The following is a post from contributing writer Jackie.
Using upcycled clothing to make “new” clothes for my little girl is so much fun. I have already shown you how to make a skirt and a dress from upcycled T-shirts. Today I want to share how to make pants from a T-shirt, specifically a maternity shirt. (Here is another idea I shared for refashioning a maternity shirt.)
Technically, you can make these little pants from any large T-shirt, but maternity shirts are what I had on hand. Also, you can sew pants for a baby, not just a toddler.
Be sure to save your scraps so you can make an upcycled T-shirt rug when you’re finished.
Not only did I make my little girl a pair of pants from one of my old maternity shirts, but I also made her a coordinating shirt using another maternity shirt. Here are the details.
- Maternity T-shirt or other T-Shirt
- Pants that fit your toddler
- Sewing Machine
- 1 inch Elastic
- Safety Pin
1. Lay your maternity shirt out flat. Line up the hems on the front and back.
2. Turn the pants that fit your child wrong side out and lay them on top of the maternity shirt. You will be using the hem of the maternity shirt as the hem of your pants so that there will be no hemming required for this project.
Cut around the pants leaving approximately 1/2 inch on all sides except the top where you will need to add about 2 inches. You should now have 2 pieces cut out.
3. Repeat Step 2 so that you have a total of 4 pieces cut from your maternity shirt.
4. Place two pieces on top of each other, right sides together, making sure that the hems match. Pin along the long straight side as well as the short, curved side (bottom half, inside) as pictured above.
5. Serge or sew along the pinned sides using no more than a 1/2 inch seam allowance.
I used a serger, but a regular sewing machine will work just fine. Be sure to use a ball point needle and to lengthen your stitch length slightly if using a sewing machine. This will accommodate for the stretch of the knit.
You will sew a total of 4 seams in this step.
6. Here is what the pants should look like now. Turn them right side out.
7. With right sides together line up the seams and top edges of both sections of the pants. Pin the two halves together so that, even though the right sides are together, the inside will be visible as picture above.
8. Serge or sew along the pinned curve using no more than a 1/2 inch seam allowance. This step will join both halves and give you an almost finished pair of pants.
9. Turn the pants wrong side out again.
10. Fold the top down towards the inside of the pants 1 1/2 inches. Pin in place.
11. Stich close to the raw (open) edge all the way around the pants, but leave about a 2 inch opening for inserting the elastic. This step forms a casing for the elastic.
12. Insert a safety pin into one end of the elastic and thread it through the opening you left in Step 11.
To determine how much elastic you need you can try the pants on your child and figure out exactly where to join the two ends of the elastic. Alternatively, you can measure your child’s waist and add an inch to that measurement. Cut the elastic to this measurement.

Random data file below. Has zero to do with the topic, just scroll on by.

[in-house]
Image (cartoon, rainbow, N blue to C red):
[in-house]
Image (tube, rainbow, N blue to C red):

You may notice that there is some pink ribbon sewn into the pants. I like to use grosgrain ribbon as a tag. I simply cut a piece, folded it, pinned it to the pants so that the raw edges were inside of my casing, and then stitched over it in Step 11.
13. Place one end of the elastic over the other end and zig-zag the ends in place 4-5 times. Make sure that the elastic is not twisted inside the casing first.
14. Sew the opening of the casing closed just as you stitched Step 11.
You now have a finished pair of pants/leggings that will bring new life to an old shirt.
To make the shirt for my little girl I didn’t use a pattern and I really didn’t write out a tutorial. However, I thought I would try to briefly explain how I made it just to let you know that you can wing it.
What I did was use another shirt as a guideline and cut out two pieces, a front and a back. I made the shirt longer than my template shirt because I wanted it to be more like a tunic. I used the hem of the maternity shirt as the hem of the new shirt.
The sleeves of my maternity shirt became the sleeves of my daughter’s shirt by simply making them narrower so that the circumference of the upper part of the sleeve was the same as the opening on the shirt.
I stitched the sides together and the shoulder seams. Then I stitched the sleeves to the shirt. Finally, I used a piece of the maternity shirt hem as a neckband.
If all of this is confusing I apologize. I used white thread on my serger so that you could see where all of my seams were. I didn’t have to hem the bottom or the sleeves of this shirt because of the way I cut it out which was a nice bonus.
This is the finished product. I would suggest using a pattern if you aren’t overly comfortable winging it. However, if you have a little sewing know-how I imagine you could use an existing shirt as a guide like I did.
My little girl liked her new outfit so much that she cried when I was going to take it off of her after taking this picture. I guess that’s all the affirmation I needed that I did a good job.
Do you enjoy making clothes for your children? Have you ever used upcycled clothing to make “new” clothes for them?